A new commentary from Fannie Mae attempts to address a perplexing question: With mortgage rates down steadily in the last several years and greater opportunity for significant savings, why have so many borrowers elected not to refinance?
Approximately 40 to 50 percent of mortgage borrowers say that they have not refinanced the mortgage on their current home, according to Fannie Mae's Housing Survey data collected through June 2013.
Examining the topic in a study is Fannie Mae's senior manager of business strategy, Li-Ning Huang, Ph.D.
According to Huang's findings, the top three most common reasons cited by respondents for not refinancing are:
- Not reduce payments enough
- Closing costs too high
- A desire to not lengthen loan terms
The data also shows that some borrowers have tried to refinance in the past, but were unsuccessful. According to the report, borrowers among that group tend to exhibit higher financial anxiety, doubt their ability to get a mortgage today, and hold a more pessimistic attitude overall about their future financial situation and the overall economy.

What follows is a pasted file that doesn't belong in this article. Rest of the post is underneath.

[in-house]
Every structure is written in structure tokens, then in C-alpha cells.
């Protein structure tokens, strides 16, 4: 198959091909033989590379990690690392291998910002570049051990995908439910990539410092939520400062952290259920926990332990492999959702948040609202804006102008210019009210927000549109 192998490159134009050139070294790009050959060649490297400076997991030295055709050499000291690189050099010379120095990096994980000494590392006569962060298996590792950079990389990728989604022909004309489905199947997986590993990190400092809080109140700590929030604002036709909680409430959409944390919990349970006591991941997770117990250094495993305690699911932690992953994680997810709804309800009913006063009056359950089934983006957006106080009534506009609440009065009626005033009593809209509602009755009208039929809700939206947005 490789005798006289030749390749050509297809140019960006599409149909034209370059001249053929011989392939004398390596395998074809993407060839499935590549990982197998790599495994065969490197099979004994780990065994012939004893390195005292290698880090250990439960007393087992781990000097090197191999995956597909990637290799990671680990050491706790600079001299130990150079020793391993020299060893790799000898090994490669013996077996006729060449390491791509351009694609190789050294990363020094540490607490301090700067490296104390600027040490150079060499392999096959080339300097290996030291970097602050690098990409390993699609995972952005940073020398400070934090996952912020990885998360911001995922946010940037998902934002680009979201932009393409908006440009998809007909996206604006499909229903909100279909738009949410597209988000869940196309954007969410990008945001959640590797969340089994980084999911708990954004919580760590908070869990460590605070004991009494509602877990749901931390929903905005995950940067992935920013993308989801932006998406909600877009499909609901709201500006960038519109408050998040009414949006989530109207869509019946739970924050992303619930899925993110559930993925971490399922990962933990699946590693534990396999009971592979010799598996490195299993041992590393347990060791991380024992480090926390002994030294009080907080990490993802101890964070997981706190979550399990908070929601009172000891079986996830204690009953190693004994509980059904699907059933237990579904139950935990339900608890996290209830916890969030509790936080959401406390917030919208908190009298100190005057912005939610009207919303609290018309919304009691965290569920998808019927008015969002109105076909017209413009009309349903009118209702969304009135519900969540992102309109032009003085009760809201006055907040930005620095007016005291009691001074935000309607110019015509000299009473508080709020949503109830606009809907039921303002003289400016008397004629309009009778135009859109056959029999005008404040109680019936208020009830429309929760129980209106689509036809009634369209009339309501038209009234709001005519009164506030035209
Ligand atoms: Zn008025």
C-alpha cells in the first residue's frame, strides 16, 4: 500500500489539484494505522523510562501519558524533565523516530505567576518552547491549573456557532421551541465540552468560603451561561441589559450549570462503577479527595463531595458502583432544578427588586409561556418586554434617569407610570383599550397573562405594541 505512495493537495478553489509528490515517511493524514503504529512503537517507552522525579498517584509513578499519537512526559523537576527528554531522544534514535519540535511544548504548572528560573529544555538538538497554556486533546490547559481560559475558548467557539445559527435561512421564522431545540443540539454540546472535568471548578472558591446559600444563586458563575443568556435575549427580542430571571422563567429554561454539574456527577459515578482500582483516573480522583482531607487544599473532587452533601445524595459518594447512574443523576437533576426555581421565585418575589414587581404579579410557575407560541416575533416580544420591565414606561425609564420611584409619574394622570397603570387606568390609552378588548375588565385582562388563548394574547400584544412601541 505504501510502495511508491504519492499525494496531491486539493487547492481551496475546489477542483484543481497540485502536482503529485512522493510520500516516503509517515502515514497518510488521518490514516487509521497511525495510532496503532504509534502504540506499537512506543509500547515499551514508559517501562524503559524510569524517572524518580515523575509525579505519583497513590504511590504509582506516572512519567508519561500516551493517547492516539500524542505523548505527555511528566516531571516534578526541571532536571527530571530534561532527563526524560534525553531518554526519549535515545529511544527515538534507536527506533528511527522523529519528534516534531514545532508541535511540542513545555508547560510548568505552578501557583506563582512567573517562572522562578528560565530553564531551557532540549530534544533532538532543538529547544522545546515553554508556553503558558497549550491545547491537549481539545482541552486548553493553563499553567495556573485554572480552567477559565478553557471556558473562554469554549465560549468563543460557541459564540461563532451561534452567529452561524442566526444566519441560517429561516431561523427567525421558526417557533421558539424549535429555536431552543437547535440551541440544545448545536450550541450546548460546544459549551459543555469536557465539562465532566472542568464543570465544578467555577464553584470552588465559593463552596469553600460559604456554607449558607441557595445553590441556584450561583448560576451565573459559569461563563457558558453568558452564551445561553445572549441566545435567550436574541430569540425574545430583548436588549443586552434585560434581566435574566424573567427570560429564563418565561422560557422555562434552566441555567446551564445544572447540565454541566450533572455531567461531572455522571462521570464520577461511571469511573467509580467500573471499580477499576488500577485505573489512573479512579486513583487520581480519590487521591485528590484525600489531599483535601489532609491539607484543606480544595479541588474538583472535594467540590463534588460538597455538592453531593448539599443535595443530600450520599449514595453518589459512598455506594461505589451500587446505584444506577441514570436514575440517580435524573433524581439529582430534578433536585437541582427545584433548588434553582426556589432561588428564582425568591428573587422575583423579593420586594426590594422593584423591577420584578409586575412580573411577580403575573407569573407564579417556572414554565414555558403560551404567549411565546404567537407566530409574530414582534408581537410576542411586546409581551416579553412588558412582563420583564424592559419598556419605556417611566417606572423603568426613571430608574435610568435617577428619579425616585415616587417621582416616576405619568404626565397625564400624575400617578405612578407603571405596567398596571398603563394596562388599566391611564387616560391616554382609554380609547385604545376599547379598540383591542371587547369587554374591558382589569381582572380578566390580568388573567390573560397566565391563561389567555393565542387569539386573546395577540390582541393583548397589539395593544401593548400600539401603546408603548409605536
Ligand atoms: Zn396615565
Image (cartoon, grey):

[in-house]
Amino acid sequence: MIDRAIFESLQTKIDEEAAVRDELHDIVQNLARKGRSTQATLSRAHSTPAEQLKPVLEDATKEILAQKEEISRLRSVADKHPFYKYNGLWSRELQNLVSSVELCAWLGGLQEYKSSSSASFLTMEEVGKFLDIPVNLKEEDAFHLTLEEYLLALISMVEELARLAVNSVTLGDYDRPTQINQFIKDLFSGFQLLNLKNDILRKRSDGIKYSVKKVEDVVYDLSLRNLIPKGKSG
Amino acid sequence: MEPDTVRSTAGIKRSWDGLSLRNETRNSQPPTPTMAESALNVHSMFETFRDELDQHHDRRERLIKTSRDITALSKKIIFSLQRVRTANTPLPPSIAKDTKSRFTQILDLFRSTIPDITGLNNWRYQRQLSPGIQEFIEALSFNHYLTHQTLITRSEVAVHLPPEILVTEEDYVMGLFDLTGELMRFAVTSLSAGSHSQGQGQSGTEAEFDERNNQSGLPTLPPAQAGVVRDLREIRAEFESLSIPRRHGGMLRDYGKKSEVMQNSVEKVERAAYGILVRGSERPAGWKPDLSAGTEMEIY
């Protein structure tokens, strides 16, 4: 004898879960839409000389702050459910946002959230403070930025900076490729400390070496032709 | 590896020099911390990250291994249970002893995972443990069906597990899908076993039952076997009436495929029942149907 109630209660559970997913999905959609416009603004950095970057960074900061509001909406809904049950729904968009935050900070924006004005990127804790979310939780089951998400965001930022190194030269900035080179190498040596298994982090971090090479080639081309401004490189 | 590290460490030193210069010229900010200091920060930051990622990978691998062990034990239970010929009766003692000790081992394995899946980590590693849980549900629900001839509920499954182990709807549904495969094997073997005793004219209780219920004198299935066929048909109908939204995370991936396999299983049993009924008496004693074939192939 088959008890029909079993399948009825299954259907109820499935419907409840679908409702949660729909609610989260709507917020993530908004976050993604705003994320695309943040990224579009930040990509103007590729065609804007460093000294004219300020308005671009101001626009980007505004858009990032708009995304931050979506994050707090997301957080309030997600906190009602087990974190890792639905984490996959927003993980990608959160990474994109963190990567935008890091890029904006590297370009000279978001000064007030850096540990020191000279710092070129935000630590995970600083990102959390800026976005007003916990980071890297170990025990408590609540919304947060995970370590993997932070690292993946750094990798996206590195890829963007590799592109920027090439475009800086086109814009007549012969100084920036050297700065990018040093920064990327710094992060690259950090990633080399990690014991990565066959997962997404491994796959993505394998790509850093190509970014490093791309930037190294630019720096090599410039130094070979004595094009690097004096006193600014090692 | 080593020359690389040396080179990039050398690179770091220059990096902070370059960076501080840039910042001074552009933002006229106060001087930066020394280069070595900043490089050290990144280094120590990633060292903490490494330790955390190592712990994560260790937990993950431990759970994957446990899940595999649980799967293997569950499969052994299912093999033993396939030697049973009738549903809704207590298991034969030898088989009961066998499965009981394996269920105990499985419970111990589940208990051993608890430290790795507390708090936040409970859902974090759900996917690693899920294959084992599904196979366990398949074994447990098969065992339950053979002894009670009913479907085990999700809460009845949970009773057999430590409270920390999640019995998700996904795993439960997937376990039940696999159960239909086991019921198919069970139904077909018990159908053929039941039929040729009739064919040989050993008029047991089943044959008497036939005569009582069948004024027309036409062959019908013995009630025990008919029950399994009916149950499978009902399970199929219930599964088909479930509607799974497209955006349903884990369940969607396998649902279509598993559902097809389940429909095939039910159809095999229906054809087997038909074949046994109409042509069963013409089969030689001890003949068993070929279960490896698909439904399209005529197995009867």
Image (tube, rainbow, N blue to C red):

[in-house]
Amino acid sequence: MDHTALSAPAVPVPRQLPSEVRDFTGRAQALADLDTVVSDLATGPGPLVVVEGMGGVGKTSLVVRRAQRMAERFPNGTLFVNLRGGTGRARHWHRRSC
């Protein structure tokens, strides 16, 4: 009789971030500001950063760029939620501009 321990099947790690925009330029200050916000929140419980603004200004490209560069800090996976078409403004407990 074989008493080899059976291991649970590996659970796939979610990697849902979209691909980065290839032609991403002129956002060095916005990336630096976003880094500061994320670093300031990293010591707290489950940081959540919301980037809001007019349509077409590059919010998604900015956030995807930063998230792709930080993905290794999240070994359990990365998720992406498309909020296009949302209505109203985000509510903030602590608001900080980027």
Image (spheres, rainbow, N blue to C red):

Findings from the survey suggest that, "better awareness of one’s financial situation could encourage consumers to consider refinancing and to take action," Huang said.
Huang notes that financial education, awareness, and messaging are critical factors in encouraging troubled homeowners to refinance. Additionally, resources and tools that help build financial literacy and awareness could lead to higher rates of refinancing.